AMSTERDAM - Copies of documents from a secret Nazi archive, locked up in a quiet German town for more than 50 years, will be released to Holocaust institutions within a few months under an agreement reached yesterday.
The documents will give historians an intimate view of the systematic slaughter of millions during the Holocaust, and will let survivors and victims' families search for histories - as recorded by their tormentors.
The 11-nation governing body of the International Tracing Service, which runs the archive in Bad Arolsen, Germany, voted to sidestep legal obstacles and begin distributing electronic copies of the documents to member states as soon as they are ready.
The archive contains Nazi records on the arrest, transportation, incarceration, forced labor and deaths of millions of people from 1933 to the end of the war in May 1945. - AP
NEW DELHI - The Taj Mahal is getting dirty, and some want to get it even dirtier.
The 17th-century mausoleum is renowned for the paleness of its marble, but these days it looks more yellow than white.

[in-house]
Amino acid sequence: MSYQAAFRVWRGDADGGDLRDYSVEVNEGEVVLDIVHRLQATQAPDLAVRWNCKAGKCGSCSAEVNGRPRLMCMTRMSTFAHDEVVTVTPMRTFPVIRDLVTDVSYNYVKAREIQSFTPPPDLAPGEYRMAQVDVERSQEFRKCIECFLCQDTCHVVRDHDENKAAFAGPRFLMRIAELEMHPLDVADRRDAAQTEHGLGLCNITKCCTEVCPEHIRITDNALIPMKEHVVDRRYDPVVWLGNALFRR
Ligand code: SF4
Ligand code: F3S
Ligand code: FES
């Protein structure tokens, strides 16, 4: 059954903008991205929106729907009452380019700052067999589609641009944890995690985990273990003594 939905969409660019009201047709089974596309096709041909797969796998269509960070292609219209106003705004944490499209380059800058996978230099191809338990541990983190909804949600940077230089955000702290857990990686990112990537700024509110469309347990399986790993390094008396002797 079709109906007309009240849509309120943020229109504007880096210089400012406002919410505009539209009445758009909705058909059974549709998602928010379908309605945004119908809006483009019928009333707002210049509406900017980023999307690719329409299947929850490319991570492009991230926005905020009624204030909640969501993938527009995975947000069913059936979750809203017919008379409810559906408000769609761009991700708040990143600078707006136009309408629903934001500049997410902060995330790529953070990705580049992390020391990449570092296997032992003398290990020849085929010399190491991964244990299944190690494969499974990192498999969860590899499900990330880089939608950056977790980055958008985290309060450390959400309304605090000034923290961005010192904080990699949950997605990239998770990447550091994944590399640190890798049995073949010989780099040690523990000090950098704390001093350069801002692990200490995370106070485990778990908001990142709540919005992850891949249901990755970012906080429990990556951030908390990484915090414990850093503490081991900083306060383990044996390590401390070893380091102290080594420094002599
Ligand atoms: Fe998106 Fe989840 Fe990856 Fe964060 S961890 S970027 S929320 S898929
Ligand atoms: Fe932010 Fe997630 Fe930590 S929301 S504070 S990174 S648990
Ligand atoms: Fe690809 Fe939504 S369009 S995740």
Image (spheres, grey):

A report Monday by a parliamentary panel blamed air pollution, saying the Taj Mahal was encrusted with "suspended particulate matter," or granules of dirt and soot found in high levels in the air around the site in the city of Agra.
To restore the monument, the panel recommended packing it in mud, a process used on the Taj Mahal in the past. - AP
PARIS - Jacques Chirac, in his final presidential appeal to the French, urged his compatriots yesterday to stay united and proud of the nation he led for 12 years, despite uncertainty about France's place in today's world.
"A nation is a family. This link that unites us is our most precious asset," Chirac said in a brief televised address last night, before the 74-year-old turns over the presidency to fellow conservative Nicolas Sarkozy today.
He said France should be a nation of equal opportunity and an engine of European integration. Both appeals recalled low points of his tenure: the 2005 riots that revealed deep-rooted discrimination against France's immigrants, and the French rejection of the EU constitution that Chirac had championed.
He is expected to create a foundation, similar to former President Bill Clinton's. - AP
China's robust oil trade and growing economic ties with Sudan will help end the violence in Darfur, not prolong the humanitarian crisis, a Chinese official said yesterday.
Three armed men hijacked a regional bus yesterday in northern Italy and set it on fire after freeing the passengers, officials said. Two hijackers were caught.